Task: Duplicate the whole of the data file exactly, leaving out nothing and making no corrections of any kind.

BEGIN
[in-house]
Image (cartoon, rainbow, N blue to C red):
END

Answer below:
[in-house]
Image (cartoon, rainbow, N blue to C red):